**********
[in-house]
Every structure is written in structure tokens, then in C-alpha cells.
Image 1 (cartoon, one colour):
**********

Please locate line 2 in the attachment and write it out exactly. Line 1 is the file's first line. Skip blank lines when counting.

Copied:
Every structure is written in structure tokens, then in C-alpha cells.